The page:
Before David Burke’s Fabrick opened in New York City last May, Executive Chef Adin Langille worked with the restaurant’s namesake to develop an upscale rendition of chips and dip to fit the modern American shared plates concept. The result: a smooth twist on guacamole that embodies Burke’s style and Langille’s innovation, and still plays to customers’ penchant for the familiar starter.
1. Texture rules
To highlight avocado’s buttery texture, Langille purees the flesh rather than mashing it. It is then blended with warm gelatin to form a creamy but distinct layer. “I had to play with this step a bit, varying the amount of gelatin until I got the texture just right—a silky but firm panna cotta,” he says.
2. Pico with polish
Fresh pico de gallo, made in house, forms the first layer of the appetizer. The avocado mixture goes on next, topped by a thin coating of sour cream to keep the avocado from oxidizing. For the final layer, Langille roasts baby heirloom tomatoes and sprinkles on ground cumin.
3. What glass to go with?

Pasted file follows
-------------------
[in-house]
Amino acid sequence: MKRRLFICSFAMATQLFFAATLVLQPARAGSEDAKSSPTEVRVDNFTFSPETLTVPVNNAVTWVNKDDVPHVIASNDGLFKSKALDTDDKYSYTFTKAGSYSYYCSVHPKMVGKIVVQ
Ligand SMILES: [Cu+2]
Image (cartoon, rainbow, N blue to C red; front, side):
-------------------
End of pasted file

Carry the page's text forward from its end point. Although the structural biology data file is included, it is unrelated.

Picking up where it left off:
To showcase the colorful layers, the chef chose small glass bowls as the serving vessel. “I tried several containers in different sizes and shapes, including a martini glass,” Langille says, “but the individual bowls gave the best presentation.”
4. New-age nachos
The avocado panna cotta is plated with housemade plantain and blue corn chips sprinkled with cheese—Langille’s take on nachos. The appetizer’s food costs and labor are modest, he says, and it’s turned into the best-selling starter at Fabrick, which seats 80 to 90 guests. “At lunch and dinner combined, we sell about 60 orders.”
Avocado Panna Cotta at Fabrick; $16
Moving on to mains, using Fabrick’s pizza oven, Langille is working on a secret pizza menu that will be revealed via social media. One idea he’s developing—a shareable Flying Hawaiian Pizza with pickled pineapple and candied bacon.